University Hospital said Wednesday that a large contingent of U.S. Army medical professionals arrived at the hospital to support clinicians in response to the COVID-19 public health emergency.
Eighty-five DOD professionals, part of the U.S. Army’s Urban Augmentation Medical Task Forces, will collaborate with clinical staff on-site at the hospital to assist with, and support, staffing shortages during response to the outbreak.
This group includes doctors, medics, nurses, pharmacists, physician assistants, respiratory therapists, as well as administration and support specialists. They will join the hospital in various areas and levels of care, including critical care units, working alongside the hospital’s existing staff.
“I want to thank the United States Army and the U.S. Department of Defense for lending their brave and skilled soldiers to University Hospital during this crisis. Our own staff continues to be essential in this crisis, and they will benefit tremendously with the Army medical personnel by their side,” said Dr. Shereef Elnahal, president and chief executive officer of University Hospital. “These soldiers are clinicians and staff who normally serve fellow service members’ medical needs, at home and abroad. Now they are joining our war against this virus, side by side with us. It’s a beautiful thing, and a great morale boost for our staff.”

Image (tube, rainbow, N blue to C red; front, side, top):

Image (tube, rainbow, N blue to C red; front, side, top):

To support the response to the public health emergency, the U.S. Army North has mobilized ten Urban Augmentation Medical Task Forces across the country to support COVID-19 relief efforts and curb the spread of disease, senior Army leaders said.
Three task forces were dispatched to New Jersey, four to New York City and one each to Connecticut, Massachusetts and Michigan. To build the Urban Augmentation Medical Task Forces, the Army called up medical professionals from Army Reserve units across the country.
Each task force consists of a staff of 85 with the capability of providing the same service as a 250-bed hospital. The task forces first deployed to Joint Base McGuire-Dix-Lakehurst in New Jersey, before moving on to hospitals across the region.